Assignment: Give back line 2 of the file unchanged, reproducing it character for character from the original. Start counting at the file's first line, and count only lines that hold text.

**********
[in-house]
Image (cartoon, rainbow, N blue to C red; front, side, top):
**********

Image (cartoon, rainbow, N blue to C red; front, side, top):